Write a program which, according to whether the script has access to the internet, produces an output which is "Truthy/Falsey". You may try and connect to any existing site, at your own discretion (don't use a shady site which only has 10% uptime - try to keep to above 80% annual uptime). If the site is down, your program does not have to work.

It must be a standalone program or a function. You may use libraries outside of the standard library to achieve this. Standard loopholes are forbidden. This is code golf, so the code with the shortest byte-count wins.

Example pseudocode:

function a:
        connect to internet 
        return 1
    catch error:
        return 0

This is my first post on code golf, so if this violates any rules in any way or is a dupe, please alert me.

EDIT: Due to numerous suggestions, I have removed the UTF-8 byte count restriction

  • 5
    \$\begingroup\$ Instead of true and false, I recommend allowing any of our defaults for truthy and falsiness. Also, by internet, do you mean the network outside your local network? Do programs still have to work if say google is down or any other large site? \$\endgroup\$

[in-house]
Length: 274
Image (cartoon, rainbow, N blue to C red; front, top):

– Blue
    Commented Jan 13, 2017 at 13:34
  • 5
    \$\begingroup\$ Byte count is usually done in the language's native or most convenient encoding, which is not always UTF-8. Unless you a have a good reason to enforce UTF-8, I think the encoding should be left at the programmer's choice \$\endgroup\$
    – Luis Mendo
    Commented Jan 13, 2017 at 14:04
  • 5
    \$\begingroup\$ I see almost everyone is using g.gl / http://g.gl/, but to. / http://to./ seems to be one byte shorter (not all languages see it as a valid url through). \$\endgroup\$ Commented Jan 13, 2017 at 14:28
  • 12
    \$\begingroup\$ Commodore Basic: PRINT "0" \$\endgroup\$
    – Mark
    Commented Jan 13, 2017 at 19:24
  • 3
    \$\begingroup\$ The very machine I'm typing this at, is technically a part of the "Internet", as it can be accessed from the outside (via NAT and port forwarding). So, if you think of it, the "internet detection" script can probably be reduced to "true" :) \$\endgroup\$
    – zeppelin
    Commented Jan 13, 2017 at 19:55

32 Answers 32


Javascript (Nashorn), 61 bytes

print(new java.net.InetSocketAddress("to.",80).getAddress())

Based on Huntro's Java answer.


Lua, 90 bytes

_,c=require('socket.http').request('http://g.gl')if string.find(c,'not')then os.exit(1)end

Sends a request to g.gl - exits with code 1 if can't connect


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